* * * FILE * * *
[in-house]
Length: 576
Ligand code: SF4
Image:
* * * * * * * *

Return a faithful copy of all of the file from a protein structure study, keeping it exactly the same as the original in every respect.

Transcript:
[in-house]
Length: 576
Ligand code: SF4
Image: